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Trump plans a return to public events after COVID diagnosis

Trump to hold first White House event since COVID diagnosis
Trump to hold first White House event since COVID diagnosis 02:29

President Trump plans to resume campaign travel on Monday, 12 days after his COVID-19 diagnosis was announced, and he'll also be addressing an outdoor crowd from the South Lawn balcony of the White House on Saturday. 

He tweeted that he'll be in Sanford, Florida, for a "very BIG RALLY" on Monday.

On Saturday, Mr. Trump is expected to make remarks on "law and order" in conjunction with an event that was already slated to take place with the conservative group Blexit, a White House official confirmed. Trump supporter and activist Candace Owens leads the group. A White House official says hundreds have been invited.

Mr. Trump had said earlier he planned to hold a rally in Florida on Saturday, followed by another in Pennsylvania on Sunday. But it now appears he will remain at the White House through the weekend.

Mr. Trump and his physicians have so far not answered when he last tested negative for COVID-19 and have not said if he's tested negative again following his treatment. White House spokesperson Alyssa Farah said on Friday that she did not have an answer on whether he has been tested recently or if he is currently negative. 

The White House on Thursday released a memo from Mr. Trump's physician saying that he believed the president will be able to return to "public engagements" as soon as Saturday. Hours after the memo was released, Mr. Trump told Fox News' Sean Hannity he was ready to get back to holding rallies. 

"I think I'm gonna try doing a rally on Saturday night if we have enough time to put it together — but we wanna do a rally, probably in Florida on Saturday night," the president said. "We might come back and do one in Pennsylvania the following night, and it's incredible what's going on. I feel so good."  

Mr. Trump said he tested positive for COVID-19 on October 1, which would make Saturday the tenth day since his diagnosis. In his interview with Hannity, Mr. Trump refused to say if he had tested negative for COVID-19 since he was diagnosed.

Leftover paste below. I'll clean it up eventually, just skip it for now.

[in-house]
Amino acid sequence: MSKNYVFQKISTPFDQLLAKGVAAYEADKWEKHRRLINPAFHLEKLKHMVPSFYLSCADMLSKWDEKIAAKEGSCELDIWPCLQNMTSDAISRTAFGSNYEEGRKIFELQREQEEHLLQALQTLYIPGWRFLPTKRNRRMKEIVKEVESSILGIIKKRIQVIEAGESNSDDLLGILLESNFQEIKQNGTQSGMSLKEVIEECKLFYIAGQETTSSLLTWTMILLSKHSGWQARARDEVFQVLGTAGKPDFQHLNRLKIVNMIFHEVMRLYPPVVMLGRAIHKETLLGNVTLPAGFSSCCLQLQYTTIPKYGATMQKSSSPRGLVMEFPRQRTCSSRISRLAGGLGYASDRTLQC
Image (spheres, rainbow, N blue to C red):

Dr. Sean Conley, the president's physician, said Mr. Trump had "completed his course of therapy for COVID-19 as prescribed by his team of physicians." According to previous reports from Conley, Mr. Trump has been treated with an experimental antibody cocktail developed by the company Regeneron; dexamethasone, a powerful steroid recommended for use in severe cases of COVID-19; and supplemental oxygen before he was hospitalized. 

As of Thursday evening, Conley said Mr. Trump had a heart rate of 69 beats per minute, blood pressure of 127/81, a respiratory rate of 15-17 breaths per minute and a pulse oximetry rate of 96-98%. 

"Since returning home, his physical exam has remained stable and devoid of any indications to suggest progression of illness," Conley said. "Overall he's responded extremely well to treatment, without evidence on examination of adverse therapeutic effects." 


The Centers for Disease Control recommends that COVID-19 patients stay isolated until at least 10 days since their symptoms first appeared, they have had at least 24 hours with no fever, and all of their other symptoms of COVID-19 have started improving. Conley said on Wednesday that Mr. Trump had been fever-free for 24 hours. 

Mr. Trump has been eager to get back on the campaign trail, telling Fox Business' Maria Bartiromo on Thursday morning that he'd "love to do a rally tonight." 

On Thursday morning, the nonpartisan Commission on Presidential Debates announced the second debate, scheduled for October 15, will be changed to a virtual format due to Mr. Trump's illness. But Mr. Trump dismissed that idea to Bartiromo, saying a virtual debate is a "joke." 

The Trump campaign issued a statement shortly after Conley's memo that the debate "must proceed in person." Several key members of Mr. Trump's campaign have tested positive for COVID-19, including campaign manager Bill Stepien and former New Jersey Governor Chris Christie, who helped Mr. Trump prepare for the first debate. 

Meanwhile, Democratic nominee Joe Biden's campaign said it was prepared to accept the new format, but would now "find an appropriate place to take questions from voters directly" on the day of the debate. Hours later, ABC News announced it would be conducting a town hall event with Biden on October 15, moderated by George Stephanopoulos. 

Fin Gomez contributed reporting.

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